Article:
There are tools that allow you to change the color, either by selecting the color palettes at the bottom or using the Fill and Stroke menu. The gradient tool is also available on Inkscape as it is indispensable in the world of graphic design.
Other amazing tools in the software consist of path operations, live path effects, text editor, texture masking, clone masking and so on and so forth.
The software is a vast sea of powerful tools for graphic designers and with which you can create wonderful graphic design work with no limitation whatsoever.
Krita on the other hand is mostly for digital painting, drawing and animating. For this reason the tools are quite different.
There is a brush tool, with countless brushes, for sketching, for painting and for drawing. You name it, Krita has it. There are also shape tools but of course they are for raster purposes, so they are in pixels.
The shapes you make are also adjustable with the Shape Edit tool. There are selection and transformation tools as well as gradient and fill tools. The color selector in this software is available in many different shapes to suit your preference.
Krita also has an animation docker, you can either manually customize your software to add it, or switch between ‘Workspaces’ and have a different interface for different types of work.
The software has many many tools that we can not possibly cover all of them, but the gist is, if you’re a digital artist specializing in illustration and frame by frame animation, Krita is equipped with all the tools you need. You don’t need to worry about switching between software.
Krita vs Inkscape in Learning Curve
Now that you have an idea on the tools these two software have, let’s talk about what it takes to learn them. We have found that for both software, learning their workflow is dependent on your background.
If you have any kind of background in 2D, that will help you tremendously in lessening the weight of the learning curve. However if you’re new these software will be daunting to start with, naturally.
These two software are rich with tools that can help you make the best of your 2D creations, which is great but also means that there are a lot of things to learn. When you don’t learn about these software it can affect your end product and workflow, so we do suggest you take the time to learn about them.
Luckily, there are so many quality tutorials for free on YouTube that you can make use of.
The main takeaway here is that these software can have a big learning curve to them due to the richness of their tools and content, but it for sure is worth it.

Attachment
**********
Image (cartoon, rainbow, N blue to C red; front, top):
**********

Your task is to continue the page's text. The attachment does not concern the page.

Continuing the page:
Pros and Cons
Both of these software are free, you don’t have to pay a dime! Not only that but they are also open source, so if you’re tech savvy you can take their code and make wonders!
If you’re using Inkscape as a graphic designer, you are in good hands! The software has everything you need and dream of and all for free.
You can also draw with the software but it will not give you that hand drawn traditional feel in your drawing. You can export your work in SVG and scale what you make into oblivion.
That’s all fine and dandy, but if you’re a digital painter, Inkscape can’t do much for you, it lacks the brushes and the blending options necessary to make your painting look how you want it to look.
That’s where you should use Krita, the best free software to paint and draw and even animate, with countless brushes and tools for a traditional and painterly feel.
Krita however will not help with graphic design as it doesn’t do vector and won’t make your work scalable in any shape or form, so if you’re a designer, it’s time to jump ship, not that Krita is a sinking ship, it is just not the one for you.
As you might have noticed from the previous section, these two software are similar but also very different.
Krita doesn’t win over Inkscape and Inkscape doesn’t win over Krita. That is mainly because they’re made with different purposes in mind.
Simply; Graphic Design? Inkscape. Digital painting, drawing and animation? Krita. You have to know what you want out of the software and then choose which to use.
If you’re a graphic designer, you’ll have a hard time using Krita and if you’re a digital painter you’ll have an awful time using Inkscape.